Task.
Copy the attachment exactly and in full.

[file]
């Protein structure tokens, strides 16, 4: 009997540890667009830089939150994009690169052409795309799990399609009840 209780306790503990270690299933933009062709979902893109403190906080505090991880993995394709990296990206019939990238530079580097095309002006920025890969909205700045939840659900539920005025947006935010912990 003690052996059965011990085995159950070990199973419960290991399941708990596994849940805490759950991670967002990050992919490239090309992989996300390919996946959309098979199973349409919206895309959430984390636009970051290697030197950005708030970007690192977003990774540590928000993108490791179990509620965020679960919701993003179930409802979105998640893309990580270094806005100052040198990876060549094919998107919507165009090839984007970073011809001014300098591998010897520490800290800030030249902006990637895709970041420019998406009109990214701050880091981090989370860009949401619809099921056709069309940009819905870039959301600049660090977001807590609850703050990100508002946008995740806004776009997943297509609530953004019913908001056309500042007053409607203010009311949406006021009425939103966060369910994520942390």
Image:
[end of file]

């Protein structure tokens, strides 16, 4: 009997540890667009830089939150994009690169052409795309799990399609009840 209780306790503990270690299933933009062709979902893109403190906080505090991880993995394709990296990206019939990238530079580097095309002006920025890969909205700045939840659900539920005025947006935010912990 003690052996059965011990085995159950070990199973419960290991399941708990596994849940805490759950991670967002990050992919490239090309992989996300390919996946959309098979199973349409919206895309959430984390636009970051290697030197950005708030970007690192977003990774540590928000993108490791179990509620965020679960919701993003179930409802979105998640893309990580270094806005100052040198990876060549094919998107919507165009090839984007970073011809001014300098591998010897520490800290800030030249902006990637895709970041420019998406009109990214701050880091981090989370860009949401619809099921056709069309940009819905870039959301600049660090977001807590609850703050990100508002946008995740806004776009997943297509609530953004019913908001056309500042007053409607203010009311949406006021009425939103966060369910994520942390």
Image: